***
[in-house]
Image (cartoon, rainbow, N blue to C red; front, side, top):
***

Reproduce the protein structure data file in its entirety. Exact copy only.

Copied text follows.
[in-house]
Image (cartoon, rainbow, N blue to C red; front, side, top):